There is a reason people often use the word “pervasive” alongside social media. For many of us, the social channels we use to connect with others for personal or professional reasons are a big part of our day.
But how much is too much? How do we know if we’re taking our enthusiasm for social media too far?
Here’s my slightly exaggerated—but mostly true—list of 10 signs you might have an unhealthy relationship with social media:
1. You receive an audible alert on your phone when anything happens online. When your mobile device chimes, beeps or chirps anytime someone follows, retweets, shares or comments on something, you actively sabotage your ability to concentrate on anything.
2. Your business card says “guru” and you’re not speaking about spirituality in India. I know what you’re thinking, but I didn’t write this one because I’m Indian.
3. You use social media terms as verbs. If you’ve ever said “I need to Instagram that” out loud, I’m talking to you. The moment you use social media terms to replace verbs, it’s the beginning of the end.
4. You believe there is nothing wrong with spllng wrds without vwls. Sure, there’s a 140-character limit, but that doesn’t mean we need to commit grammar gaffes or unlearn everything we know about spelling, does it?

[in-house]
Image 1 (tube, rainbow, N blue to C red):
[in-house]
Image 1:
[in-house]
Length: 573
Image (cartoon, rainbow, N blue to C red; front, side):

5. You answer questions with, “You should read my blog post about that.” That’s like when someone asks you what a word means and you tell him to look it up. Unless you’re a high school English teacher, just answer the question.
6. You’ve checked your Klout score, um, ever. I don’t think I need an explanation for this one.
7. You’re an online “mayor.” We all love recognition, but if you are disciplined enough to check in to a particular location and do everything required to be a mayor on Foursquare, you already know you have a problem.
8. You use the like button to make a statement. You don’t always have to send flowers, but if your friend just had her first baby, the least you can do is take a few seconds to comment and write “congratulations.”
9. You use social media as a justification for being unreasonable. There are people who demand hotel upgrades or discounts because of their blog readership or Klout score. You know who you are.
10. You freaked out while Twitter was down. When Twitter recently went down, how much of an impact did it have on your life?
If you see yourself in any of the signs above, the antidote is pretty simple: switch off.
Turn off your phone and close your laptop. Go outside, talk to your kids, and find a moment to enjoy human interaction—after you tweet this post to your followers, of course.
Rohit Bhargava is the award-winning author of “Personality Not Included” and “Likeonomics,” a member of the Strategy & Planning group at Ogilvy, and adjunct professor of Global Marketing at Georgetown University. He also blogs at Influential Marketing Blog, where a version of this article first appeared.